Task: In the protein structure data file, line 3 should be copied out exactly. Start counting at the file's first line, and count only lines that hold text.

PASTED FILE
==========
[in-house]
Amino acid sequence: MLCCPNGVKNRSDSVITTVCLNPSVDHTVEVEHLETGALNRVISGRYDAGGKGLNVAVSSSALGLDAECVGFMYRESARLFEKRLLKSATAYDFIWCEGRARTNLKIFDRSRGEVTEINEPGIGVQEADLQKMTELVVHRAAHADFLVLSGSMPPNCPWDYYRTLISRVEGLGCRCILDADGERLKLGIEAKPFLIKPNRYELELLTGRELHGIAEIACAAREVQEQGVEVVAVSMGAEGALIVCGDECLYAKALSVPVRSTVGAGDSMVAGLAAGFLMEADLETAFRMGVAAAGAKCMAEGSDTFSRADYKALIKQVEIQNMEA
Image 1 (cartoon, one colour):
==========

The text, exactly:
Image 1 (cartoon, one colour):